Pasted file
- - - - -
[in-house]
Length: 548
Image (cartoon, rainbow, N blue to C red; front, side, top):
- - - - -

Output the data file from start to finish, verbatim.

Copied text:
[in-house]
Length: 548
Image (cartoon, rainbow, N blue to C red; front, side, top):